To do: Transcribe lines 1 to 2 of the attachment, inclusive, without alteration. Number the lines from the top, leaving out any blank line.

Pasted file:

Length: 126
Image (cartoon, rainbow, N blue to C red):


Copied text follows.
Length: 126
Image (cartoon, rainbow, N blue to C red):